Archive for Ohio colleges and universities

Take action for Campus Equity Week, Oct. 28 – Nov. 2

Take action for Campus Equity Week, a week of education and activism that draws attention to the working conditions of faculty working on temporary, low-paid contracts, who now constitute the majority of college instructors.

In fact, there are one million contingent faculty nationwide, and they make up 75 percent of all faculty.

Here are some simple things you can do to raise awareness about equity issues on your campus. You can also download this information as a handout from the Campus Equity Week Tool Kit page.

  • Wear scarlet or red on Wednesday, Oct. 30, during Campus Equity Week.CEW13-Button-Art
  • Use social media and online resources to raise awareness of CEW. Post links on Facebook. Send out tweets. Use hashtags #cew2013 and ##iammargaretmary. Change your Facebook profile photo to the CEW logoGet more tips on using social media.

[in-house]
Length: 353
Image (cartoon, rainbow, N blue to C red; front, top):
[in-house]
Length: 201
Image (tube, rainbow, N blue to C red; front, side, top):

• Plan a Campus Equity Week event on your campus. Ideas: A candlelight vigil in memory of Margaret Mary Vojtko. Tabling to collect signatures on an online petition, pass out information, etc.
  • Attend a Campus Equity Week event, including several planned for Ohio, listed here.
  • Sign and share a petition.
  • Send a letter to the editor to your local and/or campus newspaper.
  • Follow the Campus Equity Week Facebook Event page.
  • Tell your adjunct story on the Adjunct Stories Tumblr page.
  • Submit a photo of your adjunct contract to the Adjunct Justice Equal Pay for Equal Work Tumblr page.
  • Take photos of adjunct faculty or others wearing the shirts and buttons, then post your photos on social media.